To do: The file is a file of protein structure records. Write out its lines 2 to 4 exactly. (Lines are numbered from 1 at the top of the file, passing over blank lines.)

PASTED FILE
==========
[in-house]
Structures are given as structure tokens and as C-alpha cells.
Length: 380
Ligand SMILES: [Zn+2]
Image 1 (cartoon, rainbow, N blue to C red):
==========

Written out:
Structures are given as structure tokens and as C-alpha cells.
Length: 380
Ligand SMILES: [Zn+2]